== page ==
Market for fine art objects continues to recover in fits and starts

Dave Pirtle figures he's sold more wall art at his Eagle Framing & Art Gallery in the past three weeks than he sold in all of the previous year.

"People are tired of listening to all of the negativity," says the owner of the shop in downtown Reno. "They can only wait so long before they start buying things."

Pirtle's experience this spring is typical among folks in the arts business in northern Nevada. They describe a market that's strong only in fits and starts. And they say some segments show consistent strength while others remain moribund.

"Locally, there are still people buying art," says Peter Stremmel, director of Stremmel Gallery in Reno. "People still are interested in buying interesting and challenging art."

The gallery draws buyers from across the United States, including some from regions where the economic recovery has taken strong root than it has in Nevada.

But no matter where they live, buyers' willingness to open their pocketbooks for fine art is closely linked to the optimism they feel about the future course of the economy, Stremmel says.

And because that confidence has been choppy throughout the recession, it's difficult for folks in the art business to identify clear-cut sales trends.

Just look, for instance, at sales at the store at the Nevada Museum of Art.

Jackie Clay, manager of the store, says the store has sold lots of $15 fused-glass dishes, but $300 glass bowls sat on the shelves.

"People still wanted art, but they had to scale down both in price and size," Clay says. But she notes that sales of items priced at $200 and $300 have begun to perk up.

Jewelry sales at the store, however, remained strong throughout the downturn especially pieces by local or easily identifiable artists and they're getting even stronger.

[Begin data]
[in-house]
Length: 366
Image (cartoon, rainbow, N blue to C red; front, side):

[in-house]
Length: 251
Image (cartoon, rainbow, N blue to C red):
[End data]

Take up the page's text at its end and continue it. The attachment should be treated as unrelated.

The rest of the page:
Joyce Newman, owner of Newman Appraisal Services in Reno, says the very top end of the art market paintings by Old Masters, for instance held up fairly well during the recession.

"Over time, the folks who want the best of the best still have money," she says.

But she says the market remains soft for mid-market pieces the fine art such as oriental rugs or works by early California impressionists that's likely to be in the homes of collectors in northern Nevada.

A generational shift, meanwhile, undercuts the market for collectibles treasured by people who came of age during the Great Depression and World War II.

Typically, Newman says, collectors prize objects from their youth. The Baby Boom generation isn't interested in the collectibles of its parents' generation, and the collectibles prized by Baby Boomers draws little interest from Gen-X buyers.

The same recession that dampened prices for fine art, however, forces some owners to sell.

"We're seeing folks who need to sell their things to meet their expenses," says Newman. She advises potential sellers to hold on until the market turns, but that's not always possible.

When they sell, collectors increasingly are using regional and specialty auction houses, the appraiser says.

Idaho's Coeur D'Alene Art Auction, for instance, has grown into a dominant force in the sale of Western and sporting-themed art, she says, while an art company in Iowa has developed a national name in the field of religious icons.

The growth of regional and specialized auction houses, Newman says, means collectors now face a complex set of choices about the best ways to market fine art.

"Not all auctions are the same. While the large auction houses may be the best venues for very high end fine and decorative arts, regional auctions are often best for mid-range items," she says."


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